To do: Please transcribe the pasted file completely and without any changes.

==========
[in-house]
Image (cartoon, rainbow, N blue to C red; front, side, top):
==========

[in-house]
Image (cartoon, rainbow, N blue to C red; front, side, top):